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Wisconsin businesses force unions to lower wages

Marketplace Staff Dec 27, 2010
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Wisconsin businesses force unions to lower wages

Marketplace Staff Dec 27, 2010
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JEREMY HOBSON: Union leaders in Wisconsin are worried that companies are taking advantage of the down economy and forcing blue collar workers to accept lower wages permanently. Over the past year or so, a few major companies have threatened to relocate jobs outside of Wisconsin if employees don’t agree to major concessions.

From WUWM in Milwaukee, LaToya Dennis has more.


LATOYA DENNIS: Kohler, Wisconsin is a small village that’s home to a big company that bears its name. Kohler makes kitchen and bathroom fixtures. This year, it became the third Wisconsin company to threaten to leave if union members didn’t rework their contract. In the end, Kohler employees accepted a deal to freeze their wages and pay more for healthcare. Employees also agreed to a two-tier pay system in which new employees cannot join the union, and will make 35 percent less than their counterparts.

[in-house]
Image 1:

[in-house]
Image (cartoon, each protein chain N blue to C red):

DAVE BOUCHER: The concessions are unwarranted, unreasonable and overly severe.

Dave Boucher is an officer with the local union representing Kohler employees.

BOUCHER: The question was asked earlier if our members will be able to survive with this contract. Yes, our members can, at least the majority of them. But most certainly working as a temporary member of the workforce at 65 percent of the wage, with no benefits, those people are going to have a very hard time supporting their family.

Within the past year and a half, employees at both Mercury Marine and Harley-Davidson agreed to similar deals. Paul Kardish is Kohler’s senior staff attorney for labor relations. He says it all boils down to reducing pay and benefits to keep the company afloat.

PAUL KARDISH: We’re paying what we think are appropriate wages and what we’re trying to do again is just sort of reset the wage structure so that we again can ensure viability of operations here in Sheboygan County.

Kardish says employee wages had simply become too high for the company, in comparison with other jobs in the area. Still, for mayors in cities where people are taking wage cuts these concessions are tough. Tom Barrett is the mayor of Milwaukee where Harley-Davidson is based.

TOM BARRETT: They’re such well respected companies, you want them to thrive. But you also want the people who work there to have jobs where they can support their families. And that’s where things get tougher with the concessions that have been made.

Barrett says right now, employers have the upper hand.

In Milwaukee, I’m LaToya Dennis for Marketplace.

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